Two days in Metz

After walking around the village and discovering an old farmworkers ‘rogation cross’ by the side of the road, we bought some local farm frozen yoghurt and headed out on the road to Metz. As of yesterday, the fields were busy with large machinery finishing the harvest and the temperature soared to 30 degrees by noon.

It was a hot and dusty drive through Lorraine before we descended down to river level and pitched up at the Metz municipal campsite by the Moselle river.

Not having any shade to offer Bertha we did our best to keep us all cool by opening out windows, doors and skylights before smothering ourselves in sun cream for the walk into the city. Metz is a gracious city of yellow sandstone public buildings, palaces, theatres, buttress walls, covered arcades and a spectacular cathedral. Like the vibrant yellow of the stained glass windows by Chagall, the city’s stones shone with gold and amber hues in the searing heat and everyone it seemed had migrated along the banks of the green flowing river or onto the inlets and islands that are home to gothic churches, restaurants, the city’s university and copious gaggles of swans.

We bucked the trend and walked through the quiet cobbled streets, passed designer boutiques, bars and coffee shops to the impressive gothic railway station. Passing through again its art deco-tiled walkways underneath the rail tracks and platforms we finally got inside the mini Pompidou on our third time of trying. The gallery was 1) built and fully operational and 2) open as it was not a Tuesday!

Centre Pompidou-Metz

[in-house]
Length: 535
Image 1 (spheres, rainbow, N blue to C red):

Centre Pompidou-Metz

‘Was it all worth it?’ we wondered as we wandered around ghastly and visceral paintings by Picasso, Francis Bacon, Joan Miro and Lam and shockingly emaciated sculptures by Giacometti. The main exhibition was a homage to Michel Leiris and his cohort of artists and hangers on, all of them seemingly hell bent on bringing their expression of human kind down to its most carnal and base representation. It was not a pleasant way to enjoy the air conditioning.

Less shocking (though he wouldn’t have appreciated that comment) and frankly more tedious, the Andy Warhol ‘underground’ exhibition bored us by the endless repetition of images of celebrities and brands, mostly of the be-wigged and sunglasses-wearing one.

A bright blue pool of water filled with chiming white bowls and an Anish Kapoor vermillion red globe that reflected back its centre made the visit worthwhile.

Back in time for happy hour at one of the city’s many student bars we recovered with a cold beer and treated ourselves to a kebab from possibly the world’s most charming kebab seller at the far corner of the citadel. Back at Bertha and munching contentedly in still-rising heat it was 39 degrees as smoke from the campsite’s barbecues drifted across the green river and through the willow trees along its banks.